A 14-year-old-boy pointed his gun at me, as I crouched nervously on my haunches.
We were squatting with about 20 others in a circle while the leader, a smartly dressed man with a beard, conducted things from the centre of the ring. There were about 200 other men in the room.
A few had warned us not to go to Iran.
I thought of this as we waited to see how the situation would unfold. I looked at Henri, who was doing well to conceal his terror. We were petrified at being called into the middle, as there was just no way we could possibly match this dancing, all sinuous, affectionate and enthusiastic – like some troupe of Middle Eastern M.C Hammers.
The circle was filled with guests at the wedding we’d been invited to, and the smartly dressed man was the groom, a cousin of Hamid, the friend we’d made in Isfahan. The 14-year-old boy’s gun was his fingers twisted into the shape of a gun, which he would occasionally point at me in fits of laughter until I returned fire in a game that lasted all night, although I’m still not sure of its meaning. Right now the groom was bringing individuals up one by one to dance with him in front of everyone.
It is worth mentioning that we had only met Hamid two days earlier, in cliche fashion: over a cup of chai in his carpet shop. His willingness to acquire extra invitations for two white westerners he’d only just met, with no commercial gain on his end, was our first introduction to the famed level of Iranian hospitality.
Isfahan is a busy city with a population of a couple million. Stunning Persian architecture line the streets in the city centre, while endless sand dunes flank the outskirts, where camping, sandboarding and trekking are all popular.
Based on a family’s level of conservatism, weddings here are generally (after a brief but extravagant ceremony) split into two parties based on gender. We’d watched at the start of the night as the bride and groom walked down a makeshift aisle to fireworks and flares, before dramatically releasing two white doves into the night sky. Shortly after we said goodbye to the girls, who disappeared into a separate hall to us.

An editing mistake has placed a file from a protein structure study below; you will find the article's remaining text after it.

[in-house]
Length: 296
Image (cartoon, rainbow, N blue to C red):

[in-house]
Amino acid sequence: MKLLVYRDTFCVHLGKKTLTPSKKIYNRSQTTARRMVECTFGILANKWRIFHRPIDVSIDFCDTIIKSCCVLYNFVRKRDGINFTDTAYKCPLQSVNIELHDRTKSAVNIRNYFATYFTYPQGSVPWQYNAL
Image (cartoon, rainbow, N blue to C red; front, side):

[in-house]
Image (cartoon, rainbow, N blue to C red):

What followed was six hours of delectable food, wild dancing and selfies, as we came to terms with our celebrity status at the event. Happy and gregarious Iranian men came from everywhere to introduce themselves, hugging and kissing and welcoming us to Isfahan. It seemed everyone wanted to dance with us, to know what we did for a living and to tell us about their relative in Sydney.
After our turn dancing in the middle we were beckoned over to the table of Imam, a tall and mischievous looking character who was probably the least conservative of Hamid’s endless line of cousins. With a dangerous look in his eye he reached into his jacket and pulled out no less than 20 small cucumbers, placing them on the table. This seemed extraordinarily random on face-value, but our modus operandi by this stage was to go with it.
The cucumbers turned out to be chasers for arak, a lethal home-brew spirit which I found almost undrinkable, but ended up drinking quite a lot of. While alcohol is illegal nationwide, a blind eye is turned to occasions behind closed doors like this.
When the DJ’s eclectic mix of Arab-disco and Pitbull (he truly is Mr. Worldwide) concluded we filed out of the building, waving goodbye to the happy couple as they got into their car and drove off. End of the night, it would seem.
This however, proved to be a false conclusion. With Hamid at the wheel, and eight grown men packed into a tiny Fiat, we sped off after the newlyweds in a convoy of around 30 cars, swerving and maneuvering at 100kph and waving white towels out of the window on a highway. Lanes became obsolete in a game where the aim seemed to be to get as close to the bride and groom’s chariot as possible without touching it. Every 10 minutes or so we would all pull over to the side of the road, or down a sandy back alley, for some more dancing and fireworks before piling back into Hamid’s car for another game of cat and mouse.
The race ended at the bride’s mother’s house, where (after more fireworks and dancing) an unlucky sheep was slaughtered in the name of love, a sacrifice the two guests at the wedding certainly didn’t see coming.
In the middle of nowhere, and without any idea of how to get home, we turned around to find our taxi driver from the start of the night ready to take us home – having waited for six hours and kept up with us in the speedy procession. We might have been surprised, but by now we were getting used to that feeling.